either by certificate of the trial court or in its opinion on the new trial motion, that, except for the reason relied upon by the court for granting a new trial, judgment would have been entered on the verdict, the action of the lower court becomes reviewable, not for an abuse of discretion, but for the legal merit of the sole and exclusive reason assigned for the granting of the new trial: [citing a case]", except, for instance, where the reason assigned is the excessiveness or inadequacy of the verdict, in which event we review to determine whether the lower court has abused its discretion or committed an error of law: Ischo v. Bailey, 403 Pa. 281, 290, 169 A.2d 38. "The latter contingency is the situation disclosed by the record in the instant case. The opinion for the court below makes it indisputably plain that, except for the reason deemed by the court as requiring a new trial, judgment would have been entered on the verdict for the defendant. We therefore have for review the merit, as a matter of law, of the reason assigned by the court below for its action." In the case at bar, we inquire into the merit of the reason assigned by the court below for the grant of a new trial and seek to determine whether the record supports the conclusion of the court below that the charge failed to "clearly delineate the issues involving the breach of warranty."

We have carefully scrutinized in its entirety the charge of the court, with particular emphasis as to the instructions given on the law as to breach of an implied warranty in the sale of goods. The court explained to the jury the meaning of both "warranty" and "implied warranty", by direct reference to the language of Section 2-314 of the Uniform Commercial Code,*fn1 instructed the jury that a warranty that goods are merchantable

[ 408 Pa. Page 407]

    is implied in a contract for the sale of such goods if the seller of such goods is a merchant, stated that Austin was a "merchant" within the Code, explained the meaning of the word "merchantable" giving examples thereof, explained the meaning of "quality" in connection with "merchantable", particularly emphasizing that "safety" is an aspect of quality, explained that the heater was impliedly warranted to be fit for use in an industry such as Schwartz maintained and carefully and at some length explained the effect of instructions for the use of the heater on liability for injury arising from its use. The charge was lengthy and a large part thereof was devoted to the law on warranties implied in contracts for the sale of goods. We are satisfied that the charge adequately and properly instructed the jury and that the jury could in no manner be confused by such instructions.*fn2 We find no merit whatsoever in the reason assigned by the court below for the grant of a new trial. In our view, the matter was fairly and properly tried and the verdict rendered by the jury should stand.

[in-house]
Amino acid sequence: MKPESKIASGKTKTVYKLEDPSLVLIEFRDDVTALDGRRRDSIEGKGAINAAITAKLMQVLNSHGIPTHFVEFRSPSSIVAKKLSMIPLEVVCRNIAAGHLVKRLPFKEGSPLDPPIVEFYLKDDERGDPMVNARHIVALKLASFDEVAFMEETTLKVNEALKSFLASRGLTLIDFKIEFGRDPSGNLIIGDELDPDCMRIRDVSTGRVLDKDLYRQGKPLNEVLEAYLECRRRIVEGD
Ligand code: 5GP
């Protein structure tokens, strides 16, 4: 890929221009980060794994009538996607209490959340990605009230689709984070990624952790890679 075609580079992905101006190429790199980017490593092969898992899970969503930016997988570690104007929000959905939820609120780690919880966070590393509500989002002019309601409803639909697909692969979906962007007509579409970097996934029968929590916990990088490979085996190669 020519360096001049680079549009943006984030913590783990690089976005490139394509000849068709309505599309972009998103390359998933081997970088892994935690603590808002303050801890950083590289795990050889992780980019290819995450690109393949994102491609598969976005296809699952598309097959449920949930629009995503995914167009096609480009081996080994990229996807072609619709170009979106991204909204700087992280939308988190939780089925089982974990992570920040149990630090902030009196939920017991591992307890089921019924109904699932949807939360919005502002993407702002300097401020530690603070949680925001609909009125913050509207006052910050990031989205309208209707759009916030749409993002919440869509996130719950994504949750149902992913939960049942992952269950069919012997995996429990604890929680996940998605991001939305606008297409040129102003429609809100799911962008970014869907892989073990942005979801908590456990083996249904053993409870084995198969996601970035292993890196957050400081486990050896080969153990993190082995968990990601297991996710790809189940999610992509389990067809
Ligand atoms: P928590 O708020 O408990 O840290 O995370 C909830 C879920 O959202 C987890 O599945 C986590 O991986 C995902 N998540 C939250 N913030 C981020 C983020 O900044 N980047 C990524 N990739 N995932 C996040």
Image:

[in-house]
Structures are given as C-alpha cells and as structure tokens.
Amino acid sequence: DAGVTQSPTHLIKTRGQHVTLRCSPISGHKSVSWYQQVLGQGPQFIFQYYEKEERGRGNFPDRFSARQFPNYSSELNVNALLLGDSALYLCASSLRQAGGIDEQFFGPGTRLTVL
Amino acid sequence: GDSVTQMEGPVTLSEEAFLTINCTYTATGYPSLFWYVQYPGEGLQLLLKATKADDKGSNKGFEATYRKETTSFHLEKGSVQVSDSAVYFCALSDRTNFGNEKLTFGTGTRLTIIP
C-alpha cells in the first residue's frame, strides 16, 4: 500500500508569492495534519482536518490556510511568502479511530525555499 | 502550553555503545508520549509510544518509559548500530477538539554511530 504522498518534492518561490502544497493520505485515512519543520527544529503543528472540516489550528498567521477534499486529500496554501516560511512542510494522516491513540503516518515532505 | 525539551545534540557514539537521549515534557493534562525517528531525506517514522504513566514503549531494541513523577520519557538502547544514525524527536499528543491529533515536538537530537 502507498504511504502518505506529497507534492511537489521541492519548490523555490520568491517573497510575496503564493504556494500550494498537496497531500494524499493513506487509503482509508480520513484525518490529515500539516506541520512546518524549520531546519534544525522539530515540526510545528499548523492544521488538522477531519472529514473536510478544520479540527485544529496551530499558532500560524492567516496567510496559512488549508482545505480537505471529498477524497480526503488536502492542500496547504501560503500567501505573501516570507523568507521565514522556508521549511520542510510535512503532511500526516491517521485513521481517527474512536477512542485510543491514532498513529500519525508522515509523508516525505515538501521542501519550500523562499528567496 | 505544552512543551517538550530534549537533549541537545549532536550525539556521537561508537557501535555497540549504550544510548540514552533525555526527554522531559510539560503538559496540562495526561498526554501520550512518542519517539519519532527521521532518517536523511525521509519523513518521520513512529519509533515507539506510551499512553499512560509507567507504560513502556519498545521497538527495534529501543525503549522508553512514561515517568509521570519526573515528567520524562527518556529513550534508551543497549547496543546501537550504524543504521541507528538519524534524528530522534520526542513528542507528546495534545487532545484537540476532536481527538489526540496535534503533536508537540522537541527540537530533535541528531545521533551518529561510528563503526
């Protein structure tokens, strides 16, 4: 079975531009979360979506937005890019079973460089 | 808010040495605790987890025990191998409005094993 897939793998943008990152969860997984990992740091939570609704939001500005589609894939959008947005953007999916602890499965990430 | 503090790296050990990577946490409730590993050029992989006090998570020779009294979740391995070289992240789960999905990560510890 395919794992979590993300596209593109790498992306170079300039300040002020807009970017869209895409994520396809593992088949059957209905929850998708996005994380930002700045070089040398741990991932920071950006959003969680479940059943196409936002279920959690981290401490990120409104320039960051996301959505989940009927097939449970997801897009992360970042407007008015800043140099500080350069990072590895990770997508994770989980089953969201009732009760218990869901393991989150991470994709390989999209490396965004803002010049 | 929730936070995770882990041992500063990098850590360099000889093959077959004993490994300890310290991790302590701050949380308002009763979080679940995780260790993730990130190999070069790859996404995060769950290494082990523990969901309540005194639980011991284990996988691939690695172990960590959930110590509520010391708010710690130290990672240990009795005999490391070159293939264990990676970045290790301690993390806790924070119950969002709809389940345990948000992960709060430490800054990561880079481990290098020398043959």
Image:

Austin's counsel on this appeal has also urged that Childs failed to prove privity of contract between Austin and himself and therefore failed to prove an actionable cause in assumpsit. In view of the conclusion we have reached, it is unnecessary to consider this question.

Mr. Justice MUSMANNO dissents.


Order reversed, with direction that judgment be entered on the verdict.